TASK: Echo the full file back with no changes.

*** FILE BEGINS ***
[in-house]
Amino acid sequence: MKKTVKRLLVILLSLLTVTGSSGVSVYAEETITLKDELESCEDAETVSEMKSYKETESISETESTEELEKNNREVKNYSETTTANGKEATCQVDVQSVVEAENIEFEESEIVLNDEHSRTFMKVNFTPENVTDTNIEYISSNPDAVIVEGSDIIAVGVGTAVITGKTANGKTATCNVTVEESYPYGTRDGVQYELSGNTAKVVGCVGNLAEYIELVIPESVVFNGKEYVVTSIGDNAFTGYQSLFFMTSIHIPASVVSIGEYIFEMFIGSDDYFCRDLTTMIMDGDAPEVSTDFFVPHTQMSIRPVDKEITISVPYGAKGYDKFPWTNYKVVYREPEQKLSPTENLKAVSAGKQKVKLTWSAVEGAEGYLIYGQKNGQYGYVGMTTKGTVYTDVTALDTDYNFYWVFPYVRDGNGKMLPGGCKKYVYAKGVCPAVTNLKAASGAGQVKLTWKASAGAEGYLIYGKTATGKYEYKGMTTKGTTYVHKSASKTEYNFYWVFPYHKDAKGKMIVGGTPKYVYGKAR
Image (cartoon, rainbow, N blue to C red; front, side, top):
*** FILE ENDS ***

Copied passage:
[in-house]
Amino acid sequence: MKKTVKRLLVILLSLLTVTGSSGVSVYAEETITLKDELESCEDAETVSEMKSYKETESISETESTEELEKNNREVKNYSETTTANGKEATCQVDVQSVVEAENIEFEESEIVLNDEHSRTFMKVNFTPENVTDTNIEYISSNPDAVIVEGSDIIAVGVGTAVITGKTANGKTATCNVTVEESYPYGTRDGVQYELSGNTAKVVGCVGNLAEYIELVIPESVVFNGKEYVVTSIGDNAFTGYQSLFFMTSIHIPASVVSIGEYIFEMFIGSDDYFCRDLTTMIMDGDAPEVSTDFFVPHTQMSIRPVDKEITISVPYGAKGYDKFPWTNYKVVYREPEQKLSPTENLKAVSAGKQKVKLTWSAVEGAEGYLIYGQKNGQYGYVGMTTKGTVYTDVTALDTDYNFYWVFPYVRDGNGKMLPGGCKKYVYAKGVCPAVTNLKAASGAGQVKLTWKASAGAEGYLIYGKTATGKYEYKGMTTKGTTYVHKSASKTEYNFYWVFPYHKDAKGKMIVGGTPKYVYGKAR
Image (cartoon, rainbow, N blue to C red; front, side, top):